Parents and families in Arlington Heights School District 25 were notified Friday March 3, 2017 at 3:50 p.m. of a possible case of mumps at South Middle School in Arlington Heights.
Parents were notified of the possible case of mumps with assurance that another communication would be delivered if the case is confirmed and/or if another suspected case is discovered.
At Barrington High School, the Lake County Health Department announced Thursday March 2, 2017 that there were two confirmed cases of mumps, after the first confirmed case was discovered Wednesday night. One of the mumps cases involved an infected adult employee at Barrington High School.
Dear District 25 Families,
We want to let you know you that there is a possible case of mumps for a student who attends South Middle School. If this case ends up being confirmed, you will receive another communication from us.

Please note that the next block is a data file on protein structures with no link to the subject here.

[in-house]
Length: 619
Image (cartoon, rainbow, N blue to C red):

In the meantime, we wanted to pass along some information for you about mumps. To learn more about the symptoms, seriousness and spreading of mumps, please click here: https://www.cdc.gov/mumps/index.html
If your child exhibits similar symptoms, please see a doctor or notify your pediatrician.
We will stay in contact with the Cook County Department of Public Health. In the event that we hear of any other cases within our community, we will communicate that to you.
The safety and health of our students is our top priority. We believe it is our responsibility to keep you as informed as possible regarding this issue.
Dr. Lori Bein, Superintendent
District 25’s letter to parents included a reference to the Centers for Disease Control and Prevention web page about Mumps for additional information about Mumps, and was delivered by email in both English and Spanish to families from all schools in Arlington Heights District 25. There was no mention of the possible Mumps case on Twitter, and the Facebook link from the official District 25 website referred to a dead link. There was also no mention of Mumps on the official District 25 website or the specific page for South Middle School.